Dung Beetles: Our Shitty Little Friends
Mankind's association with the dung beetle has been long and colorful, as the insect has played many roles, all the way from being worshiped as a deity to being munched as a tasty snack.
The earliest historical manifestation of these noble insects was in ancient Egypt in approximately 2,700 BC. The nesting habits and daily activities of the insects were such that they were deified as the God Khepri, who rolled the sun from east to west on a daily basis. The Egyptians were advanced enough to realize the absolute necessity of the sun's daily journey and likened it to the dung beetle, or scarab, happily rolling its ball of poop to its nesting area to provide nourishment for its young. The setting of the sun was symbolized by the burial of the poop by the beetle.
Scarabs were also used as a symbol for rebirth, as the immature beetles emerged from the burrows where their mother had laid her eggs in the dung ball before burial. Khepri literally means "he is coming into being", and the ancients thought the young were spontaneously generated from the dung.
Dung beetles have very discerning taste buds, and for the most part eschew the excrement of carnivores in favor of the output of the world's herbivores. Anyone who has ever had their nostrils assailed by the rather pungent aroma of dog shit, especially after releasing all the smell by stepping in it, would readily agree with the dung beetle's choice of appropriate cuisine. Interestingly, there is only one dung beetle species that dines exclusively on human feces (we seem to produce not only a stinky but also an unpalatable product).
Dung beetles are vital for our world and agriculture. In fact, it has been introduced deliberately for agricultural reasons, which has had no downside. By taking care of the dung in fields of cattle and other livestock, they not only recycle the nutrients and enrich the soil, but they also take away breeding grounds for flies. When 23 species were introduced in Australia, the pestilential bush flies were reduced by 90 percent in farmer's fields. Dung beetles are also of high importance to hygiene in developing countries because they bury or eat the dung. The one species that eats human feces exclusively reduces the danger of illness that is passed on by contact with it or by flies laying their eggs in it.
Although they appear well-protected due to their hard shells and horned heads, dung beetles are prey to a number of creatures, including birds, bats, small snakes, large spiders, some reptiles, mongooses and jackals. There is even a species of African plant – Hydnora – which grows on the roots of acacia trees that preys on dung beetles. When it rains, Hydnora sends up enormous red "beetle catcher" flowers that smell remarkably like shit. The flowers have a deep well at the center and slippery petals that prevent the poor beetle from crawling out. The hapless beetle that falls in finds itself in proverbial deep shit, dies, and is used for nourishment by the underground portion of the plant.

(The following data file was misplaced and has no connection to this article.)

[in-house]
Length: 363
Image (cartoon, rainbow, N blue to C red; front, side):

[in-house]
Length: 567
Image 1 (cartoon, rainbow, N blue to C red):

Humans are also a minor predator of this species, as traditional Chinese medicine encourages the use of dried dung beetles, called Qianglang, to treat a number of diseases. (Take three dried shit bugs and call me in the morning!)
If you are interested in this folksy type of medical treatment then you can read The Compendium of Materia Medica, compiled by Dr, Li Shizhen during the Ming Dynasty (16th century).
The strangest use of the dung beetle by western standards would be that they are used as food. Some people in Thailand eat roasted Buffalo dung beetles, which are allegedly crunchy, tasty, and are considered a gourmet delicacy. If you're interested in trying some yourself I would imagine a dung beetle found in a nice cow patty in a local barnyard would be just as tasty as one found anywhere in southeast Asia. I personally plan on sticking to possum or groundhog when I have a craving for something a little exotic.
If you need another reason to feel affection toward the lowly and oft overlooked tumble bug just follow this link and take a look at them. They run the appearance gauntlet from cunning to downright gorgeous.